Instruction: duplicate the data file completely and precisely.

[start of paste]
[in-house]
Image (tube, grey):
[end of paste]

[in-house]
Image (tube, grey):